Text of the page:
He sees “tremendous potential for green energy,” especially Waimea: “We have it all: geothermal, solar and wind.” He thinks there are “hot spots” on Mauna Kea that could be developed for geothermal, and notes Parker Ranch’s desire to become a “power broker” for “green energy.” To mitigate community concerns about geothermal safety, he suggests, “I know that geothermal is being used in several other places around the world, so I think what we should do is get involved with some of these companies that been involved with geothermal a lot longer than we have. I’m pro any kind of energy initiatives, but I want to see safety first.”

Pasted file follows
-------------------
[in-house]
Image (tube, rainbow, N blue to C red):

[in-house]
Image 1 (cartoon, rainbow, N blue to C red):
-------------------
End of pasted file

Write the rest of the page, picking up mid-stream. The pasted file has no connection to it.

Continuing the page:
He’s keeping an open mind about biofuels: “I know that we have the guys down in Kea’au that have been doing that for awhile,” he says. “It’s kind of like wait and see how this thing develops.” He’s also playing the waiting game on any proposed interisland power cable. “Let’s get it (green energy) working on the Big Island to where it benefits residents here first.”

A Vietnam vet himself, as well as a retired policeman and minister, he’s involved in projects including  a “Wets for Farming  and “Farming for the Working Class” project.  He himself sells tomatoes to two hotels. He says the “jury’s still out” for him on GM crops; he recognizes the contribution they made to the papaya industry, though he supports GM labeling and definitely opposes GM livestock. His own tomatoes are organic. He thinks county regulation of pesticides “makes common sense.”